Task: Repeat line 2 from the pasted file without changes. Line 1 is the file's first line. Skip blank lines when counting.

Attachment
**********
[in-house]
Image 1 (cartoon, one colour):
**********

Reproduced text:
Image 1 (cartoon, one colour):